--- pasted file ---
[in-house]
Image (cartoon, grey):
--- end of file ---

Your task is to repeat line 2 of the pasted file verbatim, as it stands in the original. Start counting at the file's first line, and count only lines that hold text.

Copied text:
Image (cartoon, grey):